Editor’s note: We’re fortunate to have another contribution today from Justin Bourne – outstanding hockey writer (USA Today, The Hockey News), son of Bob, future son-in-law of Clark Gillies. In this piece, Justin writes about his former teammate and current Islanders prospect Trevor Smith. Next week, we’ll have our first rankings of Bridgeport prospects. With the Islanders planning a day off in Boston today, no better time for Justin’s fine work.
Even though he didn’t crack the lineup at the start of the year, he’ll be one of the first guys called upon to fill in the second someone is hurt. And if we’ve learned one thing about the Islanders, it’s that people tend to get hurt (582 man games lost to injury in 08-09).
Smitty could shoot a puck into your car’s gas tank from across the street.
One of the hardest things in hockey is shooting the puck when it’s not in your “wheelhouse” – a baseball expression that represents the tiny little perfect shooting zone most of us have. Apparently, Trevor was given a wheelhouse the size of the Lighthouse Project.
Anywhere he shoots the damn thing, it’s in – off his back foot to the far post, low. Goal. In front of his body, off the crossbar. Goal. From his backhand while skating. Count it. A one-timer from behind him. Red light. It just seems to come off “right” every time. And that’s no small feat.
He scored 20 times in the American League as a rookie, and that was during a year in which the Isles sent him to the ECHL for two months. How’s that for goal-scoring ability? Combined with his 11 in Utah, that’s a 31 goal rookie campaign.
He’s one of those players that doesn’t need 16 chances a game to score *cough*me*cough*. It only takes one, just like another product of Vancouver’s lower mainland, Burnaby Joe.
I spent the majority of the 07-08 season on Smitty’s team, some with Bridgeport, and some with Utah. We were all mind-boggled when they sent him to us in Utah early in the year, and he immediately proved why it was, in fact, a mind-boggling decision.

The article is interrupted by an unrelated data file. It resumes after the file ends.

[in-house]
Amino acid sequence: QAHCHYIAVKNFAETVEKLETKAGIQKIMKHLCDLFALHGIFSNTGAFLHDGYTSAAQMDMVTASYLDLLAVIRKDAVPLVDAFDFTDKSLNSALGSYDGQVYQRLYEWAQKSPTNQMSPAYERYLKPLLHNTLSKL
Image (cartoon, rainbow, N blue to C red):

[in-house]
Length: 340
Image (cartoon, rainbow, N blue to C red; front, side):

His 25 points in 22 games don’t speak enough to how dominant he was. He made every single player who was lucky enough to play on his line better.
Knowing you’re good enough to play at a level is a comforting feeling, but knowing you’re better than the level must be fun. Watching him in the ECHL was like watching a dad play basketball with his eight year old son, holding the ball just out of the kids jumping range, half to tease him, half to entertain himself. One play in particular sticks out in my mind.
I only had one professional hat-trick, and I can thank Trev for the third goal. He was on a one on two, but had a teammate trailing him – the not exactly offensively proficient Kazuma Takahashi – that he could have slowed down and dropped the puck to, which would have made it a two on two.
I was way behind the rush, working to get up the ice after a defensive play, but was beating some lolly-gagging forwards back, trying to make it a three on two if Trev did decide to delay. He did.
Instead of passing it to Kaz, he “passed on” him. Smith physically looked all the way back up the ice and saw me coming, then delayed. He let Kaz go through and take out one of the d-men, sucked the other one over to himself, and sauced the puck so it neatly stopped just inside the blueline.
He saw that I was going to beat the other players up the ice, and made the ridiculous play that left me with a clear shot at the tender.
How’s that for vision?
Last season, Trevor scored another 31 goals, again divided between two leagues. Only last year, it was 30 in the AHL, and one in the NHL.
Some players tend to sit on their talent and just hope it pans out. Instead of falling into that category, Trevor has worked hard, and in turn, has worked himself to a legitimate contender for a spot on the Islanders – a team that could use the type of guy who can score on any given shot.
The three-year entry-level contracts given to kids from junior and college often turn into three-year obligations for organizations, but in this case, they’ve developed someone with the potential to give them some return on their investment.
Not only is it exciting to watch a good dude like Smitty succeed, but it must be exciting for the Islanders to be so right about a guy. Because if Trevor keeps improving at the rate he has, it might not be too long before he’s toying with some of the d-men in the big league, too.
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